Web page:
WATCHDOG SAYS WATER COMPANIES ARE TOO SLOW TO INVEST
Water companies have been criticised for being too slow in getting started on their 16.8 billion pound five-year investment programme. A consumer group has also urged the companies to get back on track in giving consumers what they have paid for.
The water industry regulator, Ofwat, has published ‘Financial performance and expenditure of the water companies in England and Wales 2005-06’ and said it had expected the businesses to implement their investment plans efficiently after price limits were set in 2004. In fact the report reveals that total capital investment by the industry was only 3.4 billion pounds compared with Ofwat’s expectation of 4.3 billion at this stage.
Philip Fletcher, the Ofwat chairman, said companies had been slow in getting the schemes started and now faced a stiff challenge if they were to meet all requirements by 2010. “We and our fellow regulators will monitor closely the continuing performance of water companies to ensure that they deliver fully the programmes which they accepted as part of the price limit package,” he added.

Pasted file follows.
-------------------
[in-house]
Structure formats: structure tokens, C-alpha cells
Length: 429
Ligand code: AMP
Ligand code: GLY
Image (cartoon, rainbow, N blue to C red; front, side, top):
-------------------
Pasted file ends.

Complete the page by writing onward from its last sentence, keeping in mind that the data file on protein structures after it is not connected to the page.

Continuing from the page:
Ofwat said average increases in water bills of 12 per cent above inflation last year were meant to meet the costs of increased spending on large-scale improvements. It warned that where companies failed to deliver it would adjust price limits to ensure that customers do not pay for work that has not been done.
Meanwhile, the Consumer Council for Water is pushing companies to deliver the benefits to consumers at the speed that they have promised. The council’s chair, Dame Yve Buckland, said delayed projects had an impact on consumers. Although this was only the first year of a five-year investment period and the industry still had time to catch up, the shortfall was a lot of money that translated into work on maintaining and improving pipes, sewers and treatment works.
Dame Yve added, “Companies must deliver consumer confidence as well as investor confidence. They must demonstrate that they are providing value for money and delivering improved services.”